Reconceptualizing Accessible Language Learning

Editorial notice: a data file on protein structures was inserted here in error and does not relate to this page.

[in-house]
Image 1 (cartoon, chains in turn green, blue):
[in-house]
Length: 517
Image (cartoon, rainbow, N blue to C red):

Creating equal educational opportunities for learners with disabilities was initiated by The Act for Eliminating Discrimination against Persons with Disabilities in 2016. JASSO (2020) estimates that the percentage of students with disabilities in post-secondary education has increased from 0.44% to 1.17% since 2014. Those students, however, remain under-supported in language education. Tonooka (2015) estimates that only 28% of university language classes offer support for students with disabilities in Japan. The Act of 2016 places responsibility of providing reasonable accommodation for learners with special needs on language teachers by merging their classes with those of non-disabled learners. This change has brought on a “destabilization in the practices of the typical teacher” (Goodley, 2014, p. 104) on one hand, and a shift in the notion of disability from impairment towards inaccessibility to learning resources on the other. This poster session will highlight various learning differences and a diversity of learner needs including communicative, physiological, and psychological differences in language classes. Presenters will share their insights into reconceptualizing accessibility in language learning. The goal is to facilitate discussions on raising awareness of how teachers can best support learners with special needs. Participants are welcome to share their experiences concerning accessibility in language learning.